Local sector records over 70 per cent slump in 2020
The rough estimate was measured with figures in 2019 when the industry pooled $1billion from international travel sales.
President of the National Association of Nigerian Travel Agencies (NANTA), Susan Akporiaye, said the grand losses summed up the turbulent year that aviation had, and the plight of travel agencies in the country.
Similarly, members of the association have bemoaned the current difficulties in accessing forex (FX) to meet mandatory obligations with the International Air Transport Association (IATA). They said over 300 members risk delisting without the release of FX to pay annual dues.
The coronavirus pandemic started biting at the turn of 2020 first quarter, which literally concluded air travel sales for the year. The next two quarters were spent in lockdown and the last was for air travel restart and possible recovery. The sector had recorded $1billion (N360 billion) in ticket sales for 2019 – a 31.4 per cent slump compared to 2018 estimates that logged N525 billion ($1.5 billion).
Akporiaye, at a media briefing in Lagos, said the Year 2020 first quarter started on a bright note with agencies recording ticket sales of $70.03 million in January, $59.16 million in February, and $23.26 million in March. By April, the virus had a bit harder, with trade deficits of $1.36 million recorded. The sales in total were $151.09 million – a 45 per cent drop compared to $282.36 million generated in the same quarter of 2019.
She said no sales were recorded during the lockdown of second and third quarters of 2020, and only very little in the last quarter, whose actual figures were yet to be calculated.
She said, in total, “We are looking at about 70 per cent decline in sales, which made it a dismal year with huge effects on her members.” She added that the pandemic challenged the very legacy of a united NANTA with its members not sure of what to expect.
“To get hold of our members and a situation favourable to a possible rebound of the industry, we engaged in training and retraining of our members, knowing that it may not be business as usual once we were clear from the pandemic.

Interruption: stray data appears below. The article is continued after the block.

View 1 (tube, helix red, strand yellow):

“Our members were beginning to experience challenges and with the initial lockdown, border and airspace closure and banning of travellers to some parts of the world, particularly targeting Nigerians, we knew we had to think out of the box and give our members hope, opportunities and strength to remain focused,” she said.
The NANTA President commended the Nigeria Civil Aviation Authority (NCAA), Aviation Minister, Hadi Sirika, and the Federal Government that provided travel agencies with palliatives of N196 million.
She disclosed that a committee had been set up to share the “largesse” among about 800 financially up-to-date and NCAA-registered members of the association.
Vice President of NANTA, Lagos Zone, Yinka Folami, said expectations were high that Year 2021 would be better, though heavily dependent on the COVID-19 vaccination programme.
Folami said vaccines are one of the main roads to early recovery, at least to save travellers the hassles of multiple tests and diverse safety protocols.
Financial Secretary of NANTA, Daisi Olotu, said the local authorities, especially, the Central Bank of Nigeria (CBN), could do much more to support the industry to survive the difficult period and begin the recovery phase.
Olotu said NANTA members’ mandatory annual dues to IATA had been remitted to the bank, saddled with converting the same to dollars for onward remittance to IATA.
“But the CBN has not been able to grant our members just $60,000. In place, they are offering $4000. What are we to do with that? IATA has been magnanimous and showed understanding, but it is not just fair on our survival plan,” Olotu said.
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